https://www.nature.com/articles/s41582-019-0216-y “Does inflammation have a role in migraine?” (not freely available)

See Reevaluate findings in another paradigm for other views of hypothalamic inflammation.


I came across this review through its citation in the 2020 medical paper The fifth cranial nerve in headaches with the same lead author:

“Reduced serotonergic transmission seems to be involved in medication overuse headache development, possibly through a facilitation of the sensitization process via a maladaptive plasticity. In humans, common neurophysiological investigation of central sensitization shows an abnormal cortical response to repetitive sensory stimuli, with an increased response amplitude after low numbers of stimuli and a lacking habituation, suggesting an altered plasticity.

Neurons, under repetitive, persistent nociceptive, become sensitized and produce exaggerated and prolonged responses to lower threshold stimuli. Over time, a neuroplastic adaptation in medullary and cortical pain areas causes a shift in the pain modulatory system creating a new threshold and favouring a net pain facilitation rather than pain alleviation.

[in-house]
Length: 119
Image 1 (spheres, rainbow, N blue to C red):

Targets are almost exclusively found in the nerves of trigeminal ganglion; the hub of the fifth cranial nerve. Although we believe that the headache-trigger most likely have the origin in the CNS, this review underscores the importance of trigeminal neurons in the perception of pain.”

This second paper listed various treatments of symptoms. Remarkable for no focus on treatments of causes.


Per Parts 1 and 2, I rarely get headaches anymore, much less migraines. 23 weeks of eating a clinically relevant amount of broccoli sprouts every day resolved causes for me. I didn’t appreciate how migraines and many other things changed until awakening during Week 9.

Sleep

If you can stand the woo of two Californians trying to outwoo each other, listen to these five podcasts with a sleep scientist.

https://peterattiamd.com/matthewwalker1/

“Ambien, sedation, hypnotives, are not sleep.

Sleep is a life support system. It’s the Swiss army knife of health.

Lack of sleep is like a broken water pipe in your home that leaks down into every nook and cranny of your physiology.